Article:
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BHS, WHS Students join National School Walkout; State’s top cops weigh in

Posted at 11 a.m. on March 14, 2018

The Brillion News

A handful of students from Brillion High School joined in on the National School Walkout on Wednesday to demand stricter gun laws and an end to school massacres.

In Wrightstown, about two dozen students held a vigil in a small courtyard behind the high school, and later, held a brainstorming meeting with school staff to discuss concerns about school safety and recent mass shootings.

At Hilbert High School, seniors and Superintendent Tony Sweere developed a short assembly that was held this (Wednesday) morning. Names and ages of the students and teachers killed in Florida were read, and these was a discussion about how to prevent a school shooting incident.

There was no walk out at Hilbert, nor at Reedsville High School, where students did not take the initiative to hold a walkout. The school would have allowed one if the students wished, said Superintendent Tony Butturini.

At Brillion High School, with a Brillion Police Department squad car sitting off to the side, the students stood outside of the high school, along with Principal Pete Kittel, in 17 minutes of silence, for the 17 victims in last month’s school massacre in Parkland, Florida.

Wrightstown High Principal Scott Thompson said that the school faculty has drilled a mass casualty scenario, but without any students in the building. He said a mock shooting incident, with students, will be drilled in April so that students know what to do to save their lives and those of their friends, teachers and classmates.

IN RESPONSE TO INTEREST ABOUT RECENT MASS SHOOTING INCIDENTS, The Brillion News will be opening a discussion on the topic for community input on its Facebook page:


The Wisconsin Chiefs of Police Association sent a letter to the governor and state lawmakers, giving its recommendations for addressing mass casualty incidents in schools.

The recommendations, in brief, are:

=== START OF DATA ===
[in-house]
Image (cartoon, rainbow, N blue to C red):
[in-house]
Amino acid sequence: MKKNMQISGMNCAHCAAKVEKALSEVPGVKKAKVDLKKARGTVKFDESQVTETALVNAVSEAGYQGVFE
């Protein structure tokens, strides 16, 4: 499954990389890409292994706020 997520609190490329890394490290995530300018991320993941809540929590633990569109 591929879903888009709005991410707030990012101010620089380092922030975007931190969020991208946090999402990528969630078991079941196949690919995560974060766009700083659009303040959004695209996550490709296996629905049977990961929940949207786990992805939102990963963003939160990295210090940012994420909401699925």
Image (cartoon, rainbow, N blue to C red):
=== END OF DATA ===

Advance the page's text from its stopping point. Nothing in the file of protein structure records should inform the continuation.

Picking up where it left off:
Violence in schools cannot be solved with arming teachers.  This is not their field of expertise and we believe more harm than good would come of this. • Sufficient funds should be allocated to increase the number of school resource officers who are fully trained law enforcement officers and not merely armed security guards, who do not come close to law enforcement training standards. • Sufficient funds should be allocated for school security improvements. Improvements needed include: a single secure access point, securely locked exits throughout the school, security cameras which law enforcement can view in real time, metal detectors, school resource officers, and alarm systems on emergency exits and all classroom doors. School districts should be allowed to exceed state-imposed revenue limits for security related expenditures. • Sufficient funds should be allocated for mental health services for teachers, students, and kids who need help. While policymakers have spent sufficient time studying the broken mental health service delivery system, there has been no comprehensive and sustainable effort to address the insufficient funding for the crushing demands of those in need of mental health services. Provide funds for training, including trauma informed care for teachers, guidance counselors, and school coaches so they can recognize potentially violent behavior from students. Currently, there is “no one” responsible for follow-up with troubled individuals. Additional educational resources for expelled students should be considered. The current system is underfunded, and operations are independent of one another, which is why critical communication is intermittent, uncoordinated, and sporadic. • Increase funding for more anti-bullying programs in our schools so those students who see the use of a gun as a method to take out their frustration learn better coping skills and maintain school environments that are compassionate about differences. • Provide authority and additional funding for the Department of Justice (DOJ) to develop rules to help schools implement school safety plans that include guidelines that specify procedures for emergency prevention and mitigation. • Require schools to submit their building blue print plans to local law enforcement agencies to be used as a tactical tool, if ever needed. • Provide sufficient funding for school crisis teams to evaluate threats in schools before they become actual threats. • Require Universal Background Checks for all gun purchases. • Mandate mental health background checks for anyone under the age of 21 to assess whether someone is having mental health difficulties and should not be allowed to purchase a hand gun. Add Florida language signed into law last week that bans people deemed “mentally defective” or who have been committed to a mental institution from owning or possessing firearms until a court grants relief. • Create a lethal violence protective order (LVPO) process in Wisconsin that mirrors existing temporary restraining order (TRO) and injunction processes through our courts, just as Florida just passed last week. This will create a process for family members and law enforcement to petition a court to have someone’s guns taken away if that person poses a lethal threat to themselves or others. • Reinstate a 48-hour waiting period for gun purchases that was repealed in 2015 or extend to 72 hours or three days, just like Florida law that passed last week.


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